Adult cancer drug offers hope against aggressive pediatric brain tumor
The quest to improve survival of children with a high-risk brain tumor has led investigators to two drugs already used to treat adults with breast, pancreatic, lung, and other cancers.
Researchers demonstrated that the drugs pemetrexed and gemcitabine killed cells from mouse and human group 3 medulloblastoma tumors, growing in the laboratory. Medulloblastoma is diagnosed in about 400 children annually in the United States, making it the most common pediatric brain tumor. Of the four distinct medulloblastoma subtypes, patients with group 3 medulloblastoma have the worst prognosis.
Used together, pemetrexed and gemcitabine doubled life expectancy of mice with human group 3 medulloblastoma, compared to untreated mice. When pemetrexed and gemcitabine were combined with two chemotherapy drugs currently used to treat pediatric medulloblastoma, the mice lived even longer. The study, conducted at St. Jude Children's Research Hospital in Memphis, Tennessee, was published in Cancer Cell (2014; doi:10.1016/j.ccr.2014.02.009).
The drugs were identified by screening the St. Jude library of 7,389 compounds looking for ones that targeted group 3 mouse tumor cells rather than normal mouse brain cells, including all 830 FDA-approved drugs. Pemetrexed and gemcitabine emerged as the top candidates, based in part on their ability to kill group 3 medulloblastoma tumor cells at concentrations that researchers showed were safe and achievable in patients.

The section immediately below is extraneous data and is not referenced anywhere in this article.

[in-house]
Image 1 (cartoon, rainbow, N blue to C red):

“Our focus was to identify drugs that we could move quickly from the laboratory to the clinic where new chemotherapy options are desperately needed for these high-risk medulloblastoma patients,” said the study's corresponding author Martine Roussel, PhD, of St. Jude. “As a basic scientist, it is exciting to be able to translate a laboratory discovery into drugs that are now being used in a clinical trial.”
Based on results from this and previous studies, pemetrexed and gemcitabine were included in a St. Jude-led multicenter clinical trial of children and adolescents with newly diagnosed medulloblastoma. The drugs are already approved for treatment of patients with advanced breast cancer as well as ovarian, pancreatic, and certain lung cancers. No safety concerns were identified in previous studies of pemetrexed and gemcitabine for treatment in children with other cancers.
Most group 3 medulloblastoma tumors feature excessive levels of the c-MYC protein, which helps to regulate cell growth. The protein is overexpressed in many cancers and is associated with a poor outcome. About 40% of patients with c-MYC overexpression and other characteristics of group 3 medulloblastoma become long-term survivors, compared to 80% of other medulloblastoma patients.
“The drugs identified in this study will hopefully close that survival gap and improve cure rates for children with group 3 medulloblastoma,” said co-author Amar Gajjar, MD, also of St. Jude.
For this study, researchers relied on mice with group 3 medulloblastoma grown from patient tumors. Researchers used the mice to show that pemetrexed and gemcitabine worked against human group 3 tumors and that the drugs could be used in combination with existing chemotherapy agents to boost treatment effectiveness without undue risk. Cisplatin and cyclophosphamide were the other drugs used in this study.